On Tuesday, after weeks and weeks of waiting, I finally received my remastered Beatles box set from Amazon. Finally. I had pre-ordered it a few weeks before release, thinking that I’d write about them for the site and get Mad Hits from people scouring the Internet for Beatles-related news.
My conundrum: How to write about these albums, thus getting my money’s worth, without writing about something that happened two months ago and being a lame jerk? The solution was simple! Spin it off into another new music-based post series where I wax poetic about albums I like! The first batch of these pieces will just happen to be the collected discography of The Beatles.
Think we write about this band too much? Well, you picked the wrong blog to read today, buddy.
What You Need to Know: The bulk of the Beatles’ first album was recorded in early 1963 – ten songs from a day-long marathon session plus the A- and B-sides from the already-released “Love Me Do” and “Please Please Me” singles. Most of their early albums were a mix of original material and covers, which was odd for its day – bands did not typically produce their own material in this era, and The Beatles were so prolific in their early days that they inspired many a singer/songwriter to pen his or her own material.
Plenty has been said of The Beatles’ experimental and breakup phases over the last forty years, but Please Please Me and With The Beatles are (relatively speaking, of course) sometimes overlooked by more casual fans. It’s true that these early albums are not the pop music landmarks that dominate the second half of their career, but the early stuff is nevertheless fun, catchy, excellent music.
The Songs You’ve Heard: Most everyone has heard “Love Me Do” and “Please Please Me” at one point or another – the latter, at least, deserves its reputation. Thanks to one Ferris Bueller (if no one else), you’re probably aware of “Twist and Shout” – this song is one of the covers, though it has so far overshadowed the original that you’ve probably never heard it.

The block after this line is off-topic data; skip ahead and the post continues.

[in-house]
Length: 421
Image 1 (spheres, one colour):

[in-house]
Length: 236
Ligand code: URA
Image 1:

The Songs You Haven’t: Let’s not kid ourselves, most of these tracks are as obscure as Lennon/McCartney songs can be. “I Saw Her Standing There” is one I almost considered listing as a Song You’ve Heard, but while it’s just as good as their early singles (and better than “Love Me Do”), it doesn’t get a ton of exposure outside of this album. “Misery,” “There’s a Place,” and “P.S. I Love You” round out the best of the original numbers, while of the covers “Chains” is sort of a funny, twangy number, and I’ve always had a soft spot for the Ringo-sung “Boys” (though my girlfriend will forever disagree with me about that one).
Why I Like It: Please Please Me has an infectious energy to it – the deftness of their performances (they were a relentless live band, and this was back before the screams drowned out the sound and made musicianship impossible) combined with their obvious enthusiasm (they had two hit singles under their belts going into the studio) mix to make something that’s just fun to listen to, even if it’s not their best or most technically proficient album.
It also helps that, of the fourteen on the album, none of the songs here are truly bad. Some whinge over Paul’s syrupy “A Taste of Honey,” and even that one really comes down to musical taste (pun maybe intended).
The recent remastering of this album does bring a new, sorely needed cleanliness to the sound – you can hear individual instruments and voices much better than before, and the sound of John Lennon forgetting the words of “Please Please Me” has never been so clearly audible. That being said, this album was recorded on a two-track tape recorder that was a little primitive even for the time – the sound quality can only get so good, and casual listeners (or people who only listen to things with their iPod earbuds) probably won’t hear much of a difference.